Read the original story in The Oregonian here.
Nickson Khamasi never knew he had an accent until he arrived in the United States.
The 34-year-old who moved to Aloha from Kenya said that his accent -- a softer version of British English stemming from the colonization -- turned out to be a big barrier.
And Khamasi said his challenges don't stop there.
He was one of 20 people interviewed by Melanie Blesio, a Portland State University conflict resolution graduate student, for her documentary, "The Unheard Voices of our Neighbors."
She produced the film, which touches on different facets of the immigrant experience, as part of her volunteer internship with the Center for Intercultural Organizing, a Portland-based immigrant and refugee rights organization. It premiered last month at the Hollywood Theatre in Northeast Portland and future screenings are in the works.
Blesio interviewed Oregon refugees and immigrants from 15 countries. Some told her about their lives being threatened by war and the consequent struggle to assimilate in the U.S. Some broke down crying.
"When you hear a story like, that you become more connected and in tune because you can hear the human side of it rather than just hearing numbers," she said. "We're talking about immigration policy so often in the government, but you can't really form a law unless you really understand what it is like for people."
Like other immigrants, Khamasi said getting a job in the U.S. was difficult. Even though he coordinated a large nonprofit in Kenya, he said that experience didn't count and many employers wouldn't hire him.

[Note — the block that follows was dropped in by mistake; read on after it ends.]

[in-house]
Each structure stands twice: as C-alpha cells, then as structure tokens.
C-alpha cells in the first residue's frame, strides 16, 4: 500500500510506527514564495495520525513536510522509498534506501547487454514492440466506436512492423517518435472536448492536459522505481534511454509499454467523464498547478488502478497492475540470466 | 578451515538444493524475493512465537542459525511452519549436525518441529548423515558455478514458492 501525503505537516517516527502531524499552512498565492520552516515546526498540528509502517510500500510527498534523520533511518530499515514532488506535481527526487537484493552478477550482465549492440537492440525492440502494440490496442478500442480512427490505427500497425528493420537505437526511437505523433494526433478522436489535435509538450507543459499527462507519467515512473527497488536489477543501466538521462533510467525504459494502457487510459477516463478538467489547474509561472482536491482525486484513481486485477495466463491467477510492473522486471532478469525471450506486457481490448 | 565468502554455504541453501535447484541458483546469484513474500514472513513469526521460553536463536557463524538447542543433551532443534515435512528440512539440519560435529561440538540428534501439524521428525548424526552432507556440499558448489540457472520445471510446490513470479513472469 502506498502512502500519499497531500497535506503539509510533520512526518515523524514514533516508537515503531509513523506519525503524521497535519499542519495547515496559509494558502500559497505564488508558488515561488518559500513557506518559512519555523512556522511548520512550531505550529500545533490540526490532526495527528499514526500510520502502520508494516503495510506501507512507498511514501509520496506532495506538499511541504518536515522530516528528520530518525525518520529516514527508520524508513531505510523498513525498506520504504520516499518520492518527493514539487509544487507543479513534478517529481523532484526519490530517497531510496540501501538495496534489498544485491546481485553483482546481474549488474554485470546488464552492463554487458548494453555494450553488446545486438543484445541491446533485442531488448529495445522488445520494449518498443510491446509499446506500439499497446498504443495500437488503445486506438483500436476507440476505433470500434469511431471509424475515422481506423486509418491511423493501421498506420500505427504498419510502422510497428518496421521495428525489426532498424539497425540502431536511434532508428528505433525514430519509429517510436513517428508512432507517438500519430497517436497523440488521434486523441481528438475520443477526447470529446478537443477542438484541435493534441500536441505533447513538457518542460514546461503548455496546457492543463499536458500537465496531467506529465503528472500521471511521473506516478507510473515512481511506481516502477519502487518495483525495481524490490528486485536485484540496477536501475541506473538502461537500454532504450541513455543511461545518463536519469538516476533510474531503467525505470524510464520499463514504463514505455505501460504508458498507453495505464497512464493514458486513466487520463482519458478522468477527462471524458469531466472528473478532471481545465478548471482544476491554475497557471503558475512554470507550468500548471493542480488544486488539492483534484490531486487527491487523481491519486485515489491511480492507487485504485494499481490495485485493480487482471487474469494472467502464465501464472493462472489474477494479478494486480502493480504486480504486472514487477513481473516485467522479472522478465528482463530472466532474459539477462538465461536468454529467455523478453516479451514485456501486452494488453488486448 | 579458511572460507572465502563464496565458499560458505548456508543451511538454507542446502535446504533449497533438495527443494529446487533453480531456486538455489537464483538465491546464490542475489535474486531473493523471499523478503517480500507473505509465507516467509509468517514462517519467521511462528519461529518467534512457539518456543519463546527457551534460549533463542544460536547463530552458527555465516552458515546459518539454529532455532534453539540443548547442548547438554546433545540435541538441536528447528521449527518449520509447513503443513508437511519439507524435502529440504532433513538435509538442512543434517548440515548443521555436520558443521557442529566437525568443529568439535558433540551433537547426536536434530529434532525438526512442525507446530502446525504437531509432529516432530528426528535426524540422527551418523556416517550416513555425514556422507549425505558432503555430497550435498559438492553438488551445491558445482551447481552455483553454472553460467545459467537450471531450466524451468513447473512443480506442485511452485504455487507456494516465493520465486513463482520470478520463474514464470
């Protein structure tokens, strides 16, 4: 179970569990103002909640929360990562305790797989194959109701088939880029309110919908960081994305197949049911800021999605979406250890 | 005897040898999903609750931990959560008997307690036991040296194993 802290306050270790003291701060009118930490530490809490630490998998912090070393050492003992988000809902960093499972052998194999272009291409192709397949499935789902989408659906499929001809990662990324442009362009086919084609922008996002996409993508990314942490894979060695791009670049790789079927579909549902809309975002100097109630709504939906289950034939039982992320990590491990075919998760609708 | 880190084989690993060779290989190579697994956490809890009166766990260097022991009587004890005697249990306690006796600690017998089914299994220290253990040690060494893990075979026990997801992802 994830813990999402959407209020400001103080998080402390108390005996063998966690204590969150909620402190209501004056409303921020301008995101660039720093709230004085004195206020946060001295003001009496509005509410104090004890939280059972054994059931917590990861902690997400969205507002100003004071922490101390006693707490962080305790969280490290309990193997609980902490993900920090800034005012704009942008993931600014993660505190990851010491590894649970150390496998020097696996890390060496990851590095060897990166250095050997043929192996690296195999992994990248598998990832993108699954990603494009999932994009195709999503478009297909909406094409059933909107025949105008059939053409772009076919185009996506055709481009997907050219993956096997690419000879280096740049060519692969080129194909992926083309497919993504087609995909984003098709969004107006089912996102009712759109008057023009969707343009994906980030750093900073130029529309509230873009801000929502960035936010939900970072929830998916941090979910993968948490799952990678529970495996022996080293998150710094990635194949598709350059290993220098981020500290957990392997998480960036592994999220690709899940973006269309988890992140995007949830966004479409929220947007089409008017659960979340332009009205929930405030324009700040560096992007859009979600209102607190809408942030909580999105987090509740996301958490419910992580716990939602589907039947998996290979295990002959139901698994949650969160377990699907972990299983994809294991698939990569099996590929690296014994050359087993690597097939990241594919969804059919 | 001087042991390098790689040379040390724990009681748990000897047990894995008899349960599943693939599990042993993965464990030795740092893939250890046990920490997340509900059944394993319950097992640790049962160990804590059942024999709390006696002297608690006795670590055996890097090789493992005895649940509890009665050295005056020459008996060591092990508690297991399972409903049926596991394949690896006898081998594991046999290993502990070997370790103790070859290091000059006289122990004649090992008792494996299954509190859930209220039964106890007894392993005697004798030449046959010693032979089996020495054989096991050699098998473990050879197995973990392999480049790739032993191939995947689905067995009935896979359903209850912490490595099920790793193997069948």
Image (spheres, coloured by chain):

Having now been here for six years, Khamasi has settled down and runs his own cleaning business. But he said some challenges remain and might never go away.
Courtesy of Nickson Khamasi Khamasi said people continually ask him things like whether he's glad to have escaped poverty and if he used to live with monkeys.
"It feels so offensive," he said. "Some people are not informed but base their information on stories they hear. People here know about war in Africa but not all countries or towns are at war. Not every person in Africa is poor."
Blesio said the 75-minute film is meant as an educational tool to explain the similarities and differences between different immigrants' experiences. It is segmented into themes: Why the immigrant or refugee left, challenges when they arrived, what Americans should know and how to form policies that will change the status quo.
She said she hopes it will distill some prejudices and empower those trying to reach the American dream.
"It might surprise people a lot because some have that feeling that immigrants are living off of our tax dollars," she said. "It changes the way you look at things."
Karla Hernandez, CIO's Washington County organizer, was also featured in the film because of her journey at age 9 from Guatemala to the U.S.
She said the documentary was an eye-opener for many people because it painted a bigger picture of immigration than many had been exposed to. It also gave people an opportunity to understand who their neighbors are without having to knock on their doors, she said.
Hernandez said the film's positive response at last month's premier prompted CIO employees to think about how they can reach a wider audience. Future screening dates have not yet been set up, but CIO is working on a discussion curriculum to use the film as an educational tool for local organizations, businesses and schools.